I don’t ever like to feel that I am wasting a client’s time by doing unnecessary load tests, but a long time ago I had an experience that altered my definition of what a necessary test is.
I had come to this project after the scope had been decided and the Detailed Test Plan had been written. The overall system was made up of four applications; privately I queried why we were bothering to test ApplicationX, which was an exceedingly low volume application.
ApplicationX was not business-critical or customer-facing. It was performing acceptably with a production-sized dataset and a small number of test users. Its functionality was unlikely to put significant load on the system, and there would be a maximum of 6 concurrent users in Production. Not load testing ApplicationX seemed like a perfect way to save some time.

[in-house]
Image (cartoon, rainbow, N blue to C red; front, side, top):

Fortunately the Test Manager wanted to stick with the original plan (rather than having to get sign-off on an amended plan), because I was very very very wrong.
Here’s a graph of what happened as I slowly ramped up my virtual users…
I had never seen a web application fall over under a load of only two hits per second before. I didn’t think it was possible. My grandmother could handle two hits per second creating HTTP headers on a typewriter and sending the packets via carrier pigeon.
The worst part of this was that ApplicationX was running in the same JVM as an application that was business critical, so when it went down, it brought the other system down with it. A severity-3 defect suddenly became a severity-1 “oh my god, we can’t do business” defect.
So, the lesson I took away from that experience was that even if an application is not necessarily a candidate for load testing, but it shares infrastructure components with an application that is business-critical, then it is a good idea to consider at least some rudimentary sociability testing under load to shake out any really nasty problems like this one.